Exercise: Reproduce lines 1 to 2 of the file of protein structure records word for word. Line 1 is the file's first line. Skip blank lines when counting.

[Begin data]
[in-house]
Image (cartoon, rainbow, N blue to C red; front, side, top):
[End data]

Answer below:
[in-house]
Image (cartoon, rainbow, N blue to C red; front, side, top):